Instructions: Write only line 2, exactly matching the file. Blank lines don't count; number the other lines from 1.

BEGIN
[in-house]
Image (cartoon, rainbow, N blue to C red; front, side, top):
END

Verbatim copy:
Image (cartoon, rainbow, N blue to C red; front, side, top):